Erica Mandy is the host of The Newsworthy daily national news podcast. She’s one of the industry’s most successful podcasters, having launched her show after quitting a job she held for a decade as a Los Angeles TV reporter. Here’s what Erica thinks about 2019 and the year ahead.
PBJ: Are you still having fun today compared to when you started?
Erica: It’s now more fun because of the growth of The NewsWorthy and the growth of the overall podcasting industry.
PBJ: How would you summarize podcasting in 2019?
The year podcasting truly went mainstream. From major players making huge investments to more than half of Americans (12+) saying they’ve now listened to a podcast, 2019 has been a breakthrough moment. Fewer consumers are questioning what a podcast is and fewer companies are doubting whether they should get involved.
PBJ: What surprised you the most about 2019?
Erica: The number of pitches I received from new podcast-related companies, looking for early customers, feedback and collaborations. Everyone seemingly wants a piece of the podcasting pie in 2019.
I think it’s a great thing for innovation and experimentation, and I welcome new, valuable opportunities and collaborations. That said, I worry a bit about these tools becoming distractions or causing decision fatigue among independent podcasters.
PBJ: What disappointed you the most?
Erica: I think as more well-known companies and brands get into podcasting, it’s been too easy for some of the discoverability platforms to only feature the “big” shows with “big” affiliations.
Some of the hardcore listeners of The NewsWorthy today first found out about it through a platform feature shortly after I launched. I hope all high-quality shows, regardless of size or resources, get similar and continued opportunities, especially because of the variety of listener tastes. I’ll talk more about this when we look ahead to 2020…
PBJ: Most over-used phrase or term in 2019 was….
It’s not new in 2019, but its overuse has continued: “the Netflix of podcasting” (or really, the Netflix of ____ )
PBJ: What three things do you expect to happen in 2020?
Erica: With a focus on the content side of the industry, I predict podcasting will continue to benefit from consumers’ desire to scroll less and control their smartphone distractions more.
For example, we just saw Google and Apple launch new tools for ‘digital wellbeing’ in addition to providing users continued access to screen time tracking. There’s a reason for this as ‘tech backlash’ continues. Yet, listening to podcasts feels like a much more conscious and productive choice than endless scrolling, 24/7 notifications and time-consuming clickbait. Yes, the ability to multi-task while listening has long been a selling point for podcasts, but I think consumers will appreciate this more than ever.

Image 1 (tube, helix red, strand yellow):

At the same time, with more and bigger players getting into the space, consumers will have endless choices and become even pickier about where they’ll spend their time listening. This means longer shows will need to have even higher quality content to hang on to their audiences, while shorter shows will have an easier time keeping and getting listeners (ok, I’m biased), especially with an increased focus on curated commute-focused playlists and ongoing adoption of smart speakers in both the home and car.
Speaking of curated podcast playlists, some listening platforms, such as Apple Podcasts and Spotify, will continue to invest in their own technology and original podcast content. While I think Apple particularly has done a great job highlighting a wide-variety of content for varying listener tastes, my hope for 2020 is that these platforms don’t limit their discovery tools to overly promote their own shows. It’s important for the overall industry that aggregators improve convenient discoverability –regardless of shows’ affiliations.
While big shows and companies have the advantage of vast resources and we will surely see more podcast-related announcements from the big guys, let’s not forget that smaller operations have something else extremely important: less red tape and more of a runway for risk-taking. Continued experimentation and creativity are vital to the success of both individual podcasts and the industry as a whole.
Finally, I predict a limited number of massive ‘hit’ shows. Consumer attention is more divided than ever. If the Game of Thrones of podcasting does come in 2020, it’ll surely help the industry, but just like we’re seeing in the streaming wars, gone are the ‘water cooler’ days where we’re all watching, or listening, to the same things.
PBJ: What will advertisers think of podcasts over the next 1-3 years?
Erica: Most advertisers already know a multi-media/multi-pronged approach is necessary in today’s digital and on-demand world, but podcasting will soon be seen as a necessary and obvious part of any campaign.
I think there will be continued friction about data tracking and data privacy in the industry, but no matter how that shakes out, most advertisers will better understand the effectiveness and uniqueness of host-read ads in podcasting and want in.
More from our series with:
Traci Long DeForge
Daniel J. Lews